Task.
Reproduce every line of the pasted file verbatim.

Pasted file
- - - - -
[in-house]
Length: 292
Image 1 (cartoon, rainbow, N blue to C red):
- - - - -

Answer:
[in-house]
Length: 292
Image 1 (cartoon, rainbow, N blue to C red):